Emil Brunner (1889–1966) was one of the primary advocates of Neo-orthodoxy. He wrote: "[T]he Christian Church believes the Bible to be the Word of God", and that "Christian faith is Bible faith".[31] He also wrote: "Yes, God has made known the secret of His will through the Prophets and Apostles in the Holy Scriptures".[32] Brunner rhetorically asked, "Is the whole Bible God's Word then?"; Brunner answered, "Yes, insofar as it speaks of that which is 'here' in Christ".[33] Brunner's illustration, relying on the name of the label His Master's Voice, was: "If you buy a phonograph record you are told that you will hear the Master Caruso. Is that true? Of course! But really his voice? Certainly! And yet—there are some noises made by the machine which are not the Master's voice". Brunner adds: "[T]he Bible[...] makes the real Master's voice audible,—really his voice, his words, what he wants to say". Brunner ultimately concludes: "Only a fool listens to the incidental noises when he might listen to his Master's voice!".[34]

Other viewpoints

A 2011 Gallup survey reports, "A 49% plurality of Americans say the Bible is the inspired word of God but that it should not be taken literally, consistently the most common view in Gallup's nearly 40-year history of this question".[35]

See also


  1. ^ Bruce Manning Metzger; Michael David Coogan (20 December 2001). The Oxford Guide to Ideas & Issues of the Bible. Oxford University Press, USA. pp. 216–. ISBN 978-0-19-514917-3.
  2. ^ Gerhard Maier: Biblische Hermeneutik (= TVG Monographien und Studienbücher. Band 355). 7. Auflage. R. Brockhaus, Wuppertal 2011, ISBN 978-3-417-29355-5, S. 94.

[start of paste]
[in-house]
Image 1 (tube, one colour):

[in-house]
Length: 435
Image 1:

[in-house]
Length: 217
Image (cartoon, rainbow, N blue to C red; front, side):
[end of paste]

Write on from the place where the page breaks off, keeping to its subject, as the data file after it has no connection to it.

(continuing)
3. ^ "2 Timothy 3:16 – New Revised Standard Version Updated Edition". Bible Gateway.
  4. ^ "2 Timothy 3:16 Interlinear: every Writing is God-breathed, and profitable for teaching, for conviction, for setting aright, for instruction that is in righteousness". Retrieved 2023-03-06.
  5. ^ "Read the Bible text ::". Retrieved 2023-03-06.
  6. ^ Dodd, Charles Harold (1929). The Authority of the Bible. Library of constructive theology. London: Harper and Brothers. p. 15. ISBN 0-00-625195-1. OCLC 559048103.
  7. ^ Daniel B. Wallace (1996). "Part I: Syntax of Nouns and Nominals — Adjectives III. – The Relation of Adjective to Noun – 4. Some Exegetically and Theologically Significant Passages". Greek Grammar Beyond the Basics: An Exegetical Syntax of the New Testament. Grand Rapids, Michigan: Zondervan. pp. 313–314. ISBN 0-310-21895-0. Many scholars feel that the translation should be: 'Every inspired scripture is also profitable.' This is probably not the best translation, however
  8. ^ Ryrie, C.C. (1972). A survey of Bible doctrines. Chicago IL: Moody.
  9. ^ Young, Edward Joseph (1957). Thy Word Is Truth. Grand Rapids MI: Eerdmans. p. 27.
  10. ^ Haley, John W (1874). Alleged Discrepancies of the Bible. W.F. Draper.
  11. ^ Geisler, Norman (1992). When Critics Ask. Wheaton IL: Victor Books. p. 604. ISBN 0896936988.
  12. ^ a b c d e Lea, Thomas Dale; Griffin, Hayne Preston Jr. (1992). The New American Commentary (1, 2 Timothy, Titus), VOL. 34. Nashville TN: Broadman & Holman Publishers. ISBN 0805401342.